It’s now two and a half months since the Czechs got themselves into trouble by holding an election with an even number of seats in parliament. This being the year of close elections, it produced a dead heat: 100 seats for the centre-right alliance of Civic Democrats, Christian Democrats and Greens, and 100 also for the combined Social Democrats and Communists.

Since then the Czech Republic has been without a government as politicians try to come up with a solution that the two major parties, Civic Democrats and Social Democrats, can both live with. The current idea is a Civic Democrat minority government that would be supported by the Social Democrats in return for promising to hold fresh elections at some early date, probably in 2008.

Last week, the outgoing Social Democrat prime minister Jiri Paroubek formally resigned, allowing the president to invite Civic Democrat Mirek Topolanek to form a government. But news this morning is that talks between the two leaders are “on the brink of failure”, with the Social Democrats threatening to pull out.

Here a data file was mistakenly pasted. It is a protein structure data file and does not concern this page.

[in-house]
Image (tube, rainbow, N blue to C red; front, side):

A new government has to be approved by parliament within 30 days, so the Social Democrats may be hoping to get their own chance if Topolanek fails, perhaps by luring a defector from the other side (the Greens would seem an obvious target). Or they may simply be holding out for better terms, such as key parliamentary positions, in return for their support (a previous attempt to elect a speaker just intensified the deadlock).

Either way, the deadlock confirms something that we all intuitively know but often forget: how unimportant government is. Although there is reportedly “concern among investors” about the instability, a modern western country has functioned without a government since the beginning of June (Somalia has done without one for 15 years). Politicians are convinced that they have to be there to make critical decisions, but most things manage perfectly well without them.